Anthony Richardson should take the money and run to the NFL
Anthony Richardson has a lot of good reasons to stay at Florida another year. But there are more good reasons for him to declare for the NFL Draft, which is what he’ll probably do.
It’s hard to pity a 21-year-old with the world at his feet. But consider the odd spot Anthony Richardson is in.
Florida’s quarterback can turn pro and instantly become set for life. Or he can stick around Gainesville, live well and maybe enhance his career prospects.
Either way, he can’t lose. Either way, he can’t win.
Whatever he decides, a million or so would-be confidants will say he made the wrong move. Allow me to be the one-million-and-first.
There are a lot of good reasons why the pride of Gainesville Eastside should stay in college. But there are more good reasons why he should declare for the NFL Draft.
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That’s why I think Richardson will take the money and run. He already does that at a professional level. Hopefully, he’ll eventually learn how to throw like an NFL quarterback.
It could be years before we know how that turns out. For now, the suspense over Richardson's immediate future is killing Gator Nation.
It increased last week when UF suspended backup QB Jalen Kitna after he was arrested on child pornography charges. On Friday, Kitna was kicked off the football team. Football concerns are trivial compared to that bombshell, but there are ramifications.
If Richardson decides to turn pro, he must also decide whether to play in Florida’s bowl game. Without him, the most likely replacement is Ohio State transfer Jack Miller.
He didn’t take a snap all season after breaking his thumb in August and has completed seven collegiate passes. Behind Miller are walk-on Kyle Engel and true freshman Max Brown.
The bowl is a relatively meaningless affair. But talk about being up a creek without a quarterback.
AR gave hint prior to playing Florida State
Add that to the many factors currently swirling in Richardson’s young head. He’s given little indication of what he’ll do, though a good hint came before the FSU game.
Speaking hypothetically about a college prospect pondering an NFL move, Richardson said, “It could bring a lot of pressure on that person.”
That person would have to talk to his family and do a lot of heavy thinking, he said. Then came the clue.
“Sometimes,” Richardson said, “you’ve got to be selfish and see what’s on the table.”
One of AR’s real confidants should tell him not to worry about that. There’s nothing selfish in making a career move that would at least triple your salary.
Yes, everybody agrees Richardson is nowhere near ready for the NFL. But at least a few teams seem ready for Richardson and his off-the-chart potential. That’s fueled the season-long debate.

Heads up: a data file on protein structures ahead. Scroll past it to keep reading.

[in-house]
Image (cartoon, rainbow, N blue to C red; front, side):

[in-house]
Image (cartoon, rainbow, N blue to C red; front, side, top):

Should he stay for another year of live fire against SEC opponents? Or would he be better off starting an NFL apprenticeship?
Prior to Name, Image, License, Richardson's decision much easier
Pre-NIL, the decision would have been much easier. Lifelong financial security was better than another year of eating burgers as the Big Man on Campus.
Now, Richardson has $1 million or so in NIL deals coming in. He’s not complaining about making as much as incoming UF president Ben Sasse, but it’s still not NFL money.
Rookie contracts are four-year deals based on draft position. The 10th pick is making $3.7 million this fall, got a $12.1 million bonus and a total package worth $20.5 million.
The last pick in the first round is making $2.1 million, got a $5.5 million bonus and a package worth $11.5 million.
Richardson is expected to go somewhere in the mid-to-late first round. Wherever he’s picked, he stands to make a lot more money than if he stayed at Florida.
Then again, if he sticks around and has a gonzo season, Richardson could move near the top of the 2024 NFL wish list. That would enhance his status as a hometown hero.
He could also get injured and see his draft desirability drop.
And it’s always better to leave too soon than too late. After all the growing pains the past two seasons, UF and AR might both benefit from a fresh start.
I want him to stay, strictly for selfish reasons. Good AR or Bad AR, he’s usually a thrill to watch.
Pondering AR doesn’t need my input. If he had two cents for all the two cents worth of advice people have offered him, he could buy an NFL team and declare himself QB for life.
He should ignore all the chatter, stop worrying about looking selfish and go with his gut feeling.
It should tell him staying would be a good move. But all things considered, leaving would be a better one.
— David Whitley is The Gainesville Sun's sports columnist. Contact him at email@example.com. Follow him on Twitter @DavidEWhitley.